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While supporters of reproduction rights here in Minnesota are outraged by the U.S. Supreme Court decision Friday abolishing any federal constitutional right to an abortion in the Dobbs v. Jackson Women's Health case, many feel secure that abortion rights will continue to survive in Minnesota because of the recognition of those rights under the state Constitution.

But they ought to wipe that "what, me worry?" look from their countenances.

The comfort zone in Minnesota stems from the ruling in 1995 by the Minnesota Supreme Court in Doe v. Gomez recognizing the implicit, but unwritten, right of women under three different provisions of the state Constitution to make "a private decision" to have abortions as a "fundamental right of privacy," independent from and even broader than the procedure's permissibility under the federal Constitution as a result of the high court's ruling in Roe v. Wade 22 years earlier.

Because of that state court ruling, by a decisive 6-1 vote, reproductive rights adherents have taken on that contented visage of MAD magazine's Alfred E. Neuman character. Anticipating the Roe reversal following the leak of the draft opinion last month, they even have been promoting Minnesota as an abortion rights haven for women from other states with more restrictive prohibitions.

But a ruling last week by the Supreme Court in Iowa ought to make them worry.

In a decision issued a week before the Dobbs ruling, the Supreme Court of the Hawkeye State , in a case titled Planned Parenthood v. Reynolds, overturned its own four-year-old precedent recognizing abortion rights under its state constitution. In that prior case, the Iowa court had ruled, like the Minnesota case 23 years earlier, that the state constitution affords women the right to abortion irrespective of the federal Constitution and Supreme Court rulings under it.

But that is no longer the case there. As a result of the change in the composition of the court, giving it a conservative majority, the 2018 precedent was discarded. Instead, the court, by a 4-3 vote, ruled that "a woman has no fundamental right to terminate a pregnancy" in Iowa, explaining that no "privacy" rift exists in the state's constitution.

Much like the Dobbs case decided a week later by the justices in the nation's capital, the majority of the Iowa justices deemed the prior decision to be "one-sided [and] unsound," and due to these deficiencies, refused to "blindly follow" precedent. Similar phrases and underlying concepts are embodied in the federal high court's Dobbs decision from Mississippi, which deemed the Roe abortion case authored by Justice Harry Blackmun in 1973 and joined by six other jurists, including his Minnesota "Twin" Warren Burger, the conservative chief justice, to be "egregiously wrong" due to its "exceptionally weak" reasoning.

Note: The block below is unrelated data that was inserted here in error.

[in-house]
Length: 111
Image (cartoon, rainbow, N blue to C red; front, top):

The Iowa model overturning precedent upholding abortion rights could be emulated here in Minnesota, depending upon developments at the ballot box this fall.

An attempt to put before the voters an amendment to the Minnesota Constitution to ban abortion will not occur if the DFL Party maintains control of at least one house of the Legislature. But the Republican-nominated candidate for governor, Dr. Scott Jensen, like other GOP gubernatorial aspirants, has expressed opposition to abortion rights, going so far as to mention a Texas-like law banning abortions after six weeks and empowering private vigilante lawsuits by private citizens. That law in Texas has effectively negated abortions there.

If Republicans were in the majorities in both houses of the Legislature, the GOP could place a ballot proposition before the voters to repeal the state constitutional right of abortion. Even if Gov. Tim Walz — an abortion rights supporter — remains in office, he could not prevent it, because governors have no official role in the process of amending the state Constitution.

But even without a change to the Constitution, abortion rights could be undermined or abrogated if Jensen were elected and had the opportunity to fill vacancies on the state Supreme Court, the same process that resulted in the Iowa ruling. Those appointments are solely in the discretion of the governor, unlike the Senate confirmation process for the federal judiciary.

The current composition of the Minnesota Supreme Court consists of at least four jurists, all DFL gubernatorial nominees, who seem to be solid supporters of abortion rights, and possibly at least one or two others. None is close to the mandatory retirement age of 70.

But, even with good health and longevity, the stability of that court cannot be relied upon as a fortress for abortion rights in Minnesota. Judges move on, sometimes to other positions, or for early retirement, or to voluntarily step down for private practice, or to ascend to different tribunals in the federal system, something that's happened with two Minnesota Supreme Court judges in recent years.

If given the chance, Jensen as governor could substantially change the composition of the state Supreme Court. A different composition of the court could overturn the state's longstanding Doe ruling by pointing to the absence of any express language regarding abortion — or even privacy — in the state Constitution, which was a vital basis for the abortion reversal decisions by the Supreme Court on Friday and by the Iowa jurists last week.

While this is all somewhat speculative, Minnesota is not immune from such developments and, as reflected in neighboring Iowa, no state can be considered impenetrable from an assault on — or indeed, the repeal or reversal of — reproductive rights these days. It may not happen here, but supporters of abortion rights — women and men alike — need to wipe that Neuman-like nonchalance from their faces and get mad about the threat to reproductive freedoms.

Marshall H. Tanick is a Twin Cities constitutional law and employment attorney.